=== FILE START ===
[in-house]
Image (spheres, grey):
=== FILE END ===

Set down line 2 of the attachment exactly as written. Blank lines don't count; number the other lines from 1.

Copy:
Image (spheres, grey):